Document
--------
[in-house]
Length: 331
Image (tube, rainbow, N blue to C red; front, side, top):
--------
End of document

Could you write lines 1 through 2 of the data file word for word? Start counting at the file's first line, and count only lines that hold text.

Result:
[in-house]
Length: 331